Development of a Practical Landmine Searching Robot

M. Freese, T. Matsuzawa, Y. Oishi, P. Debenest, K. Takita, E.F. Fukushima, and S. Hirose (Japan)


demining, mobile manipulator, stereo vision, marking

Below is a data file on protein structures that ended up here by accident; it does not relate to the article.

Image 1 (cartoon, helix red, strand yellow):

Robot operation and interaction in unstructured environment is difficult. The problem becomes even more difficult if the environment is hazardous, presents a potentially wide temperature range, and is subject to rain, dust and other natural factors. Such environments are typical for minefields. Landmines still continue to kill, injure and penalize on a daily basis mainly a civilian population. The problem is real and current demining technologies are slow and dangerous, and have virtually not evolved in the last 50 years except for heavy soil digging machines that are limited to well-conditioned terrain. Replacing human deminers or trained dogs in the mine searching task is challenging, and promises better detection capabilities by allowing sensor imaging, increased safety for demining personel and faster progress in the demining process. This paper presents a semi autonomous mine searching robot that was developed with two main goals in mind: building a practical device that can operate in real-world conditions, and testing it in collaboration with demining organizations and real deminers. The robot’s composing elements have been thoroughly tested and the robot itself underwent extensive field tests in Japan, Croatia and Cambodia.

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